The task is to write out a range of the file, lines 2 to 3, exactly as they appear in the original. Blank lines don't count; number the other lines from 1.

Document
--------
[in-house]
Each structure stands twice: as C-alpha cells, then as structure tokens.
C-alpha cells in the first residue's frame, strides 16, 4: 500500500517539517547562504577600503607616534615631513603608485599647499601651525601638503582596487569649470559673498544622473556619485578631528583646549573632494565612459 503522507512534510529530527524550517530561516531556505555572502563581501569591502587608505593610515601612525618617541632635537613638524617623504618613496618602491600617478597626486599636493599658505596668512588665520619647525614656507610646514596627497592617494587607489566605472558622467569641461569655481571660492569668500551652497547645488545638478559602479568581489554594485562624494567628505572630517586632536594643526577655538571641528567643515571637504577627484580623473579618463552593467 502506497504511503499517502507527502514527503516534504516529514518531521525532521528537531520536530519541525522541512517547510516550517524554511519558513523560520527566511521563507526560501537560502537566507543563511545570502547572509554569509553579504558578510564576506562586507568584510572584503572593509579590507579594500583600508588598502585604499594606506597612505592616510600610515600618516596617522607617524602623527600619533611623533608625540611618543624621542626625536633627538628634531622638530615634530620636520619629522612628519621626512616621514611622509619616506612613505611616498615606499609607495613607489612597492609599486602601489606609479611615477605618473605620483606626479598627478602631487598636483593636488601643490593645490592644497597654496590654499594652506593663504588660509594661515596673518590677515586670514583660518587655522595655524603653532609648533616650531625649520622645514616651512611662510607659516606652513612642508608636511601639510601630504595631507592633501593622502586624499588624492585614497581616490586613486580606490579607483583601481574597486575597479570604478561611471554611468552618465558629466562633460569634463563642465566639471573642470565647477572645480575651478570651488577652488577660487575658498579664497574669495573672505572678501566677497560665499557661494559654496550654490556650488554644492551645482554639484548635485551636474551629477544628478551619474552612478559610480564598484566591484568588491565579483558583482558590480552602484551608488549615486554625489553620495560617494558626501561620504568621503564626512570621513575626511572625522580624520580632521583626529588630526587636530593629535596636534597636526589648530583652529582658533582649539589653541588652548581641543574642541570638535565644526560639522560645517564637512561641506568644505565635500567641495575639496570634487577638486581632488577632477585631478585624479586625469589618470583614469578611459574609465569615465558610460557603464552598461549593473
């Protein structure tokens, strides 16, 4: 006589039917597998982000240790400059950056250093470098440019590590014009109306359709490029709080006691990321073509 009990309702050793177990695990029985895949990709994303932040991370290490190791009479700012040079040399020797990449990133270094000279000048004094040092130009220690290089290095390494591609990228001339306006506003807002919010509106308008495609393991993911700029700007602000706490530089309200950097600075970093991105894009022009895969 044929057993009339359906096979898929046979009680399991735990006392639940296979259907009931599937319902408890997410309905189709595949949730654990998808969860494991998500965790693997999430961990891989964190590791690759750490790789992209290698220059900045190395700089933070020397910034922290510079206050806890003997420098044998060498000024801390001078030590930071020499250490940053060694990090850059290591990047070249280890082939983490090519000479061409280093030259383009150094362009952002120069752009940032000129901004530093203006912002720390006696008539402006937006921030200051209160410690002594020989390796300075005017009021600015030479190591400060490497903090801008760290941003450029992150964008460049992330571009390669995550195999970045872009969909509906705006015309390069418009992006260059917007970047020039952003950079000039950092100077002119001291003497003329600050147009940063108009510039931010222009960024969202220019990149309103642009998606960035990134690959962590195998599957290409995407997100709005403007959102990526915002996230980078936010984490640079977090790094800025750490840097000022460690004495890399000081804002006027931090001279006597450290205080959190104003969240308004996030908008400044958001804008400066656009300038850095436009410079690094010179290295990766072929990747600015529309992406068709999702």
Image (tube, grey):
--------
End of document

Each structure stands twice: as C-alpha cells, then as structure tokens.
C-alpha cells in the first residue's frame, strides 16, 4: 500500500517539517547562504577600503607616534615631513603608485599647499601651525601638503582596487569649470559673498544622473556619485578631528583646549573632494565612459 503522507512534510529530527524550517530561516531556505555572502563581501569591502587608505593610515601612525618617541632635537613638524617623504618613496618602491600617478597626486599636493599658505596668512588665520619647525614656507610646514596627497592617494587607489566605472558622467569641461569655481571660492569668500551652497547645488545638478559602479568581489554594485562624494567628505572630517586632536594643526577655538571641528567643515571637504577627484580623473579618463552593467 502506497504511503499517502507527502514527503516534504516529514518531521525532521528537531520536530519541525522541512517547510516550517524554511519558513523560520527566511521563507526560501537560502537566507543563511545570502547572509554569509553579504558578510564576506562586507568584510572584503572593509579590507579594500583600508588598502585604499594606506597612505592616510600610515600618516596617522607617524602623527600619533611623533608625540611618543624621542626625536633627538628634531622638530615634530620636520619629522612628519621626512616621514611622509619616506612613505611616498615606499609607495613607489612597492609599486602601489606609479611615477605618473605620483606626479598627478602631487598636483593636488601643490593645490592644497597654496590654499594652506593663504588660509594661515596673518590677515586670514583660518587655522595655524603653532609648533616650531625649520622645514616651512611662510607659516606652513612642508608636511601639510601630504595631507592633501593622502586624499588624492585614497581616490586613486580606490579607483583601481574597486575597479570604478561611471554611468552618465558629466562633460569634463563642465566639471573642470565647477572645480575651478570651488577652488577660487575658498579664497574669495573672505572678501566677497560665499557661494559654496550654490556650488554644492551645482554639484548635485551636474551629477544628478551619474552612478559610480564598484566591484568588491565579483558583482558590480552602484551608488549615486554625489553620495560617494558626501561620504568621503564626512570621513575626511572625522580624520580632521583626529588630526587636530593629535596636534597636526589648530583652529582658533582649539589653541588652548581641543574642541570638535565644526560639522560645517564637512561641506568644505565635500567641495575639496570634487577638486581632488577632477585631478585624479586625469589618470583614469578611459574609465569615465558610460557603464552598461549593473